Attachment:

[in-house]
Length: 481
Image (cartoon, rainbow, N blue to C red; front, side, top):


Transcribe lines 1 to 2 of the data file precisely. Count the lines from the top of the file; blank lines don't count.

[in-house]
Length: 481